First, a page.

the dominant form of matter in the universe … people tend to perceive it as irrelevant or even dangerous … Dark matter’s existence perplexes people who find it implausible that the vast majority of matter in the universe would be undetectable by our senses and their technological extensions. Some even wonder if it’s a sort of mistake. To me it would be even more astonishing if the matter we can see with our eyes were all the matter there is.

Now if we turn the metaphor toward racial or class differences we see that,

Most people mistake their own perspective, shaped by their subjective and limited perception, for the absolute reality of the external world. Questioning this assumption is what advanced our research on dark matter. It is also the only thing that has ever advanced human empathy.

Empathy is important to help us understand things we can’t see or experience. If we recognize”the limitations of our senses and the subjectivity of our experiences” then we might be able to transcend them.  Yes, we necessarily see the world from our own point of view, but we should remember that ours is only one way to see the world so we should be empathic.

Empathy is difficult. It is also crucial to the progress of both science and society. It demands that we make a deliberate and consistent effort to step out of our familiar frames of reference. Only then can we synthesize different perspectives, observations, and experiences — the very act at the heart of creativity, which will be essential to solving the increasingly complex problems that beset our world.

There is dark matter and energy around us that we don’t see; there is light and sound that we don’t see or hear. Our thoughts are but grains of sand in a universal ocean of thought. We should be humble about them and empathic toward others.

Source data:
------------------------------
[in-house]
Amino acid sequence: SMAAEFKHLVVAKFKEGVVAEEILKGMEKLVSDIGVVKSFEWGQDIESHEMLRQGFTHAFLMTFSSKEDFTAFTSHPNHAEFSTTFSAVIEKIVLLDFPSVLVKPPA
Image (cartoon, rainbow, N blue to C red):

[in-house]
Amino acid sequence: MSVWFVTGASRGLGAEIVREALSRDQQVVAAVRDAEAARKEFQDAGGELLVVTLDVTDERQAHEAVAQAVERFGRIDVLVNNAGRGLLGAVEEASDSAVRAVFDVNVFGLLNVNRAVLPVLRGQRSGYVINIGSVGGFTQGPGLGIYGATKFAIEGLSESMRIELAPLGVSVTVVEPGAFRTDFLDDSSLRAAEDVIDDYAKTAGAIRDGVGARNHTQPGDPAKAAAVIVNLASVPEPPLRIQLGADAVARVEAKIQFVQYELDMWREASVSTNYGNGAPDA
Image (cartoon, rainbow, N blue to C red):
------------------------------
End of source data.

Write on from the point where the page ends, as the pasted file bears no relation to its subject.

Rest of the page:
Mario Livio: The Hubble Telescope and Our Immense Universe

The Hubble Telescope has revealed an unimaginably immense and beautiful universe. The video above, produced by Dr. Mario Livio, an astrophysicist at the Space Telescope Science Institute, concerns the philosophical implications of what we’ve seen with Hubble. This first one is called “In an Immense Universe, Small is Significant. The key idea is that, although we are extraordinarily small in this immense universe, that does not mean we are insignificant.

In this next short video Livio speaks to the beauty and power of science itself.

Livio is also the author of popular books including:

Brilliant Blunders: From Darwin to Einstein – Colossal Mistakes by Great Scientists That Changed Our Understanding of Life and the Universe
,

The Golden Ratio: The Story of PHI, the World’s Most Astonishing Number,

Is God a Mathematician?

The Accelerating Universe: Infinite Expansion, the Cosmological Constant, and the Beauty of the Cosmos, and

 

Black Holes and Truth in Science

Theoretical Physics

Two days ago I wrote a post about “the recent discussion that black holes might not exist.” I was careful to use the word “might,” because I knew that preliminary scientific ideas are typically sensationalized in the media. As it turns out this was a classic example. While news reports made this out to be definitive, revolutionary discovery, it was actually no such thing.